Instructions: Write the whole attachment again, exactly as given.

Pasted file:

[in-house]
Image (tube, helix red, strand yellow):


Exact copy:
[in-house]
Image (tube, helix red, strand yellow):